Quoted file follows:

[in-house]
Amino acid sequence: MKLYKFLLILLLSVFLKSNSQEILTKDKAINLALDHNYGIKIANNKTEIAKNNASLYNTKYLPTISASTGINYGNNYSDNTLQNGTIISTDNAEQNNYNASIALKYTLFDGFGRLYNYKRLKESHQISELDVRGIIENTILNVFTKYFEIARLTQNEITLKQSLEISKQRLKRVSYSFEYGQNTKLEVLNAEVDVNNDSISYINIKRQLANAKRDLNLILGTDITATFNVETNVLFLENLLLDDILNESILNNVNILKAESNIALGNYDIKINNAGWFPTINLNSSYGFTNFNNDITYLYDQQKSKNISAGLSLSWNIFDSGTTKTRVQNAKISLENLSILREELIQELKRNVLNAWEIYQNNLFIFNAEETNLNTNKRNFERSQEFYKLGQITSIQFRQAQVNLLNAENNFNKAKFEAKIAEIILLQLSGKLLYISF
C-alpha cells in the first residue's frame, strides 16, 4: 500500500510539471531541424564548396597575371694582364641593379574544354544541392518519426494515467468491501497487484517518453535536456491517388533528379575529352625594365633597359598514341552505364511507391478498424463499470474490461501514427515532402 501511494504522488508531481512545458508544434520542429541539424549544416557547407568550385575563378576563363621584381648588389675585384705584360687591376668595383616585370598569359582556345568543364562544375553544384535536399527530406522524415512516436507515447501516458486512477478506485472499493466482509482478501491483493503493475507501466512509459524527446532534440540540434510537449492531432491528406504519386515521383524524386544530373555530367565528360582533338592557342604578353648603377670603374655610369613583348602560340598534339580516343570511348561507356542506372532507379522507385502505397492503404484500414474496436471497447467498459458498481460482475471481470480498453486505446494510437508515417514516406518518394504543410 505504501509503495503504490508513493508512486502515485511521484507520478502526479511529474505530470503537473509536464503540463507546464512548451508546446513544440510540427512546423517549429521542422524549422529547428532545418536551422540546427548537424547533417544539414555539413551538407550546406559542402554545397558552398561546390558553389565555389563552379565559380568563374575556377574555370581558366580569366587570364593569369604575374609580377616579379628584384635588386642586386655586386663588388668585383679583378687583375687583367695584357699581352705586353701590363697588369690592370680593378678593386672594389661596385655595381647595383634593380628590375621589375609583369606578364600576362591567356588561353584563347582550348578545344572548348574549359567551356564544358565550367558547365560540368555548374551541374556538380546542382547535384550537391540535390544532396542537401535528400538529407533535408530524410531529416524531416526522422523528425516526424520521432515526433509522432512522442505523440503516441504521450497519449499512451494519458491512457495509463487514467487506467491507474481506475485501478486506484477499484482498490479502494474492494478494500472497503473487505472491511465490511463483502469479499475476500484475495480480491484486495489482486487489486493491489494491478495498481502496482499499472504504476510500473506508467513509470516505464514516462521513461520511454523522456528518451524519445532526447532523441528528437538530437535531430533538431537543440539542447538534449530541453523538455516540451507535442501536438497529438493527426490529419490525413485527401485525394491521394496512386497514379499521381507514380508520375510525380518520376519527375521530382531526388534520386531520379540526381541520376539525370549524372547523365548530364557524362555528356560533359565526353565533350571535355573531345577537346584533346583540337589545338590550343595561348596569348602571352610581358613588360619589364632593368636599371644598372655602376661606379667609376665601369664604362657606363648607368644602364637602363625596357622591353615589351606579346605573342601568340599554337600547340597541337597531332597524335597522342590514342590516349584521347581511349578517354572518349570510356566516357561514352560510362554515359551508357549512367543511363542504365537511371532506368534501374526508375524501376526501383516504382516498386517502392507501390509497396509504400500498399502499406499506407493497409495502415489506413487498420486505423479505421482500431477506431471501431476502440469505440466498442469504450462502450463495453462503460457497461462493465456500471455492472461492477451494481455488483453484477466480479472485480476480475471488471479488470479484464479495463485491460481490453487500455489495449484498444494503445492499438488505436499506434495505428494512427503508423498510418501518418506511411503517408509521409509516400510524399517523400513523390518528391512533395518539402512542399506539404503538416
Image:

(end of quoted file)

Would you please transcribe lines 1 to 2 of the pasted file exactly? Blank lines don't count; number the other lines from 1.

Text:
[in-house]
Amino acid sequence: MKLYKFLLILLLSVFLKSNSQEILTKDKAINLALDHNYGIKIANNKTEIAKNNASLYNTKYLPTISASTGINYGNNYSDNTLQNGTIISTDNAEQNNYNASIALKYTLFDGFGRLYNYKRLKESHQISELDVRGIIENTILNVFTKYFEIARLTQNEITLKQSLEISKQRLKRVSYSFEYGQNTKLEVLNAEVDVNNDSISYINIKRQLANAKRDLNLILGTDITATFNVETNVLFLENLLLDDILNESILNNVNILKAESNIALGNYDIKINNAGWFPTINLNSSYGFTNFNNDITYLYDQQKSKNISAGLSLSWNIFDSGTTKTRVQNAKISLENLSILREELIQELKRNVLNAWEIYQNNLFIFNAEETNLNTNKRNFERSQEFYKLGQITSIQFRQAQVNLLNAENNFNKAKFEAKIAEIILLQLSGKLLYISF